CD-3 departs Miri with destroyer ASAKAZE, minelayer MAESHIMA, kaibokan YASHIRO and auxiliary gunboats PEKING and KAZAN (HUASHAN) MARUs, escorting convoy MI-10, consisting of DAIZEN, HIDA, HINAGA and FUYUKAWA MARUs KENZUI, TEIFU (ex-French BOUGAINVILLE), MARUs, WAKO GO and tankers HAKUBASAN, SHUNTEN, TAKETSU (BUTSU), CHIYODA, SHIMOTSU, KOSHIN, KOTOKU, NICHINAN (1945 gt) and SHIMOTSU MARUs plus 11 unidentified ships. [1]

E 23 July 1944:
Arrives at Manila where convoy MI-10 is joined by tankers OEI MARU and KYOEI MARU No. 6 and KAKOGAWA, TSUKUBASAN, ROKKO, RASHIN, FRANCE, MYOGI MARUs and UNYO MARU No.7.

27 July 1944:
At 1100, the reconstituted convoy MI-10 departs Manila.

28 July 1944:
At 1040, HAKUBASAN MARU carrying 7,351-tons of oil and 710-tons of rubber, is torpedoed by LtCdr Francis D. Walker's (USNA '35) USS CREVALLE (SS-291) and sinks at 1305 at 16-28N, 119-38E, taking down three of her crew.

E 30 July 1944:
CD-20 joins the escort, having departed Takao two days before.

2 August 1944:
At 1000 arrives at Takao, Formosa. MATSUMOTO MARU, ASAKAZE and YASHIRO are detached. FRANCE and RASHIN MARUs are probably also detached. SEIGA and HAKOZAKI MARUs join.

4 August 1944:
At 1300 departs Takao. Destroyer KURETAKE, kaibokan CD-17, minelayer MAESHIMA and auxiliary gunboat CHOJUSAN MARU have joined as additional escorts.

10 August 1944:
At 1130 arrives at Moji.

11 August 1944:
Departs Moji and later that day arrives at Kure.

21 August 1944:
At 0600 departs Kure and at 1600 arrives at Moji.

25 August 1943:
At 0800 CD-3 departs Moji for Singapore with escort carrier UNYO, light cruiser KASHII and kaibokan CHIBURI, CD-19, CD-21 and CD-27, escorting convoy HI-73 consisting of IJA landing craft depot ship KIBITSU MARU, ex-armed merchant cruiser GOKOKU MARU, ex-seaplane tenders KAGU and SANUKI MARUs, tankers TOHO, OMUROSAN, OTOWASAN, TAIHO, FUJISAN, HAKKO, AMATO, TOA and KUROSHIO MARUs and fleet storeship IRAKO. Later that day, the convoy is joined briefly by transports MIZUHO, ARABIA and KOKURYU MARUs and tanker MANEI MARU that all depart the following day.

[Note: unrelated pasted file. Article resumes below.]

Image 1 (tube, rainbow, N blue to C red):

26 August 1944:
CD-1 and CD-13 joins the convoy. MANEI MARU remains at Kyushu because of engine problems. CD-1 and CD-3 are detached and head for Sasebo. At 0900, MIZUHO, ARABIA and KOKURYU MARUs are ordered away because of excessive smoke.

27 August 1944:
At 0800 arrives at Sasebo.

26 August 1944:
Cdr Hirano Yasuji is appointed CO.

30 August 1944:
CD-1, CD-3 and CD-5 depart Sasebo and arrives in the Terashima Strait, NW Kyushu.

31 August 1944:
At 0400, CD-3 departs Terashima Strait with CD-1 and CD-5, escorting convoy MOTA-25, consisting of MIZUHO, KOKURYU and ARABIA MARUs.

3 September 1944:
At 1630, the convoy arrives at Keelung, Formosa. At 1847, CD-3 departs Keelung for Takao. CD-1 has left a few minutes before and CD-5 departs at 1930.

4 September 1944:
At 1341, CD-1, CD-3 and CD-5 arrive at Takao.

5 September 1944:
At 1755, CD-3 departs Takao for Manila (with rest of convoyt departing at 1700) with destroyers HATSUHARU and HIBIKI, kaibokan CD-1, CD-7, CD-5, torpedo-boat HIYODORI, subchaser CH-63 and auxiliary subchaser CHa-67, escorting convoy TAMA-25, consisting of KOGYO, EIJI, MANSHU, EIMAN, ATSUTA, EKKAI, NANREI, ROZAN, TERUKUNI, TOYOOKA and HOKUSEN MARUs. Previously known as MOTA-23, this convoy was en route to Takao before being diverted to Keelung. The convoy is carrying reinforcements, equipment and ammunition for the defense of the Philippine Islands.

6 September 1944: